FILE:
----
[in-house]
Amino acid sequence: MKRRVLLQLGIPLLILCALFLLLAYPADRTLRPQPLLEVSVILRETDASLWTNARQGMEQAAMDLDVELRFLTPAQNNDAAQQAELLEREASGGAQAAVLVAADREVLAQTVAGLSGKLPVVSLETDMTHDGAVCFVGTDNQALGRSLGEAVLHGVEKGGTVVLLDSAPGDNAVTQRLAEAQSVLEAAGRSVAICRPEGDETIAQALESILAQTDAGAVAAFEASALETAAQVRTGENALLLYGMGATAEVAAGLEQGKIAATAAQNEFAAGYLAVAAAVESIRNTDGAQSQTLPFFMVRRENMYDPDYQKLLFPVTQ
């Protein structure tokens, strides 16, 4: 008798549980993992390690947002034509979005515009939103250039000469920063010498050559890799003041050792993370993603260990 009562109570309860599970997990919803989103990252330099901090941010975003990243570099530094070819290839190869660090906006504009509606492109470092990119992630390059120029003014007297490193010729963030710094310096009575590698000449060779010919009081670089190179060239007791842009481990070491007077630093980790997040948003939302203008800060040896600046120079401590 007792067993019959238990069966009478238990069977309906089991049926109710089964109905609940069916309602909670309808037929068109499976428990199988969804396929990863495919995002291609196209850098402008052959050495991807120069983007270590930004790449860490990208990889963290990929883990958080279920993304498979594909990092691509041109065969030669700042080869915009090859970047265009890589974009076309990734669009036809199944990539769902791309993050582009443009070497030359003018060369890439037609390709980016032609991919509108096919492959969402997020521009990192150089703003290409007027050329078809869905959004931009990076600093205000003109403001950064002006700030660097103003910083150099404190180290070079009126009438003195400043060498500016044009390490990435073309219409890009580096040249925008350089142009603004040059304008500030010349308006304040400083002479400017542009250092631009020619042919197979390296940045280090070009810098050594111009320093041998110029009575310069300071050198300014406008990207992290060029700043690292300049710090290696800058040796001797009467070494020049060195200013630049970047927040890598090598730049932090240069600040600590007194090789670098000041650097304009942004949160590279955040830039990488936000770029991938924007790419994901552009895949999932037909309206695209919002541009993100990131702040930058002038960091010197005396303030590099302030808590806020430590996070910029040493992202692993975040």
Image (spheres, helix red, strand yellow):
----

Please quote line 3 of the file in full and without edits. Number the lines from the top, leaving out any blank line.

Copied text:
């Protein structure tokens, strides 16, 4: 008798549980993992390690947002034509979005515009939103250039000469920063010498050559890799003041050792993370993603260990 009562109570309860599970997990919803989103990252330099901090941010975003990243570099530094070819290839190869660090906006504009509606492109470092990119992630390059120029003014007297490193010729963030710094310096009575590698000449060779010919009081670089190179060239007791842009481990070491007077630093980790997040948003939302203008800060040896600046120079401590 007792067993019959238990069966009478238990069977309906089991049926109710089964109905609940069916309602909670309808037929068109499976428990199988969804396929990863495919995002291609196209850098402008052959050495991807120069983007270590930004790449860490990208990889963290990929883990958080279920993304498979594909990092691509041109065969030669700042080869915009090859970047265009890589974009076309990734669009036809199944990539769902791309993050582009443009070497030359003018060369890439037609390709980016032609991919509108096919492959969402997020521009990192150089703003290409007027050329078809869905959004931009990076600093205000003109403001950064002006700030660097103003910083150099404190180290070079009126009438003195400043060498500016044009390490990435073309219409890009580096040249925008350089142009603004040059304008500030010349308006304040400083002479400017542009250092631009020619042919197979390296940045280090070009810098050594111009320093041998110029009575310069300071050198300014406008990207992290060029700043690292300049710090290696800058040796001797009467070494020049060195200013630049970047927040890598090598730049932090240069600040600590007194090789670098000041650097304009942004949160590279955040830039990488936000770029991938924007790419994901552009895949999932037909309206695209919002541009993100990131702040930058002038960091010197005396303030590099302030808590806020430590996070910029040493992202692993975040």